” came the voice from behind the couch. The metallic overtones made it
even more annoying than Xander’s usual nasal whine. “My loyal subjects would have rallied to myside when they saw my plan for the state’s future!” It sounded like the toaster was staying in one place. Sue decided to pile on the aggravation.Sue laughed. “Loyal subjects? You’ve never had a friend you didn’t build in your basement,and even they only pretended to like you because you controlled access to the power source!” Sheslowly rose from behind the island, gun trained on the end of the couch. “Say, did you ever hear from your LoveBot after she ran away with your mainframe? Bummer about it downloading itself into that cyborg body you were building to hold your consciousness, huh? Too bad you didn’t getaround to giving it your face--that probably would have kept her away from him.”With an angry cry that sounded like a tangle of lengthy vowels crossed with a couple of variations on “bitch,” the toaster sprang from behind the couch, a fusillade of darts stitching acrossthe far wall and ventilating the fridge. Sue had time for one shot that grazed the toaster’s side, blowing off the handle in a spray of sparks, before throwing herself to the floor. Xander was anasshole, but he was right about her not being the best of shots. That, of course, is why she had builtcertain defenses into her home, so where the hell were they? The toaster ran along the couch’s back, claws throwing up tufts of fabric in its wake, and leaped for the kitchen counter. Sue rolledonto her back, missing another few shots aimed at its underside, and scrambled to her feet, divinginto the hallway that led to the front door.She could hear it running across the counter, knocking pots to the floor as it went, probably on purpose. Sue yanked down the painting that covered the control panel for the house’s systems, pulling the door open and pressing her palm to the ID scanner. It quickly verified her identity and brought up the overview screen, which showed all the house’s defenses off-line. “What the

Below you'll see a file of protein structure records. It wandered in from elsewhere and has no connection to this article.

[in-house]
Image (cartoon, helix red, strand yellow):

Sue muttered, the stress of the moment overwhelming the G-rating filter she’d imposed on her speech since the twins had been born. She was sure they heard worse in fourth grade every day, butthe habit had stuck.From the kitchen, she heard the sound of breaking glass and a wicked cackle. “Oh, Sue, did Iforget to mention that my little bread-burning friend here interfaced with your systems last night?I’m afraid your defense grid is a little compromised at the moment. Pity, too--it was a lovelysystem. No comparison to mine, naturally, but then I would hardly expect you to be able to keep upwith me.”Sue grimaced. If Xander had been able to compromise her systems, it was because he’d hadhelp. After this, she was going to have a long and probably violent discussion with the consultantshe’d hired to do the bioinformation scanners, the one aspect of her defense grid she’d needed helpwith. The prick must have hacked his way into the rest of her systems with what access she’dallowed him. She hoped for his sake that Xander had forced the information out of him, because if he’d put her family’s safety up for sale, he wasn’t long for this world.Gun trained on the door to the kitchen, Sue quickly scanned through the diagnostic screens.There had to be a way to get things back on-line, but she wasn’t finding it. She heard another crash, and that taunting voice again, “Oh, I’m sorry, I hope that Cuisinart wasn’t one of the pricier models!” Sue shook her head in frustration, but at least she knew now that Xander was directlycontrolling the toaster. No autonomous robot would be that much of a dick. She gave up on thediagnostics and sank into a low crouch, slowly creeping sideways to get a look into the kitchen.The crashing and banging had stopped, which was a bad sign. She saw plenty of mess, but no signof the toaster. She eased backwards in an awkward duck-walk, alternating her aim between theentrance to the kitchen and the hallway leading to the living room she had come from. She hadnever known Xander to be patient, so he was clearly up to something, but what?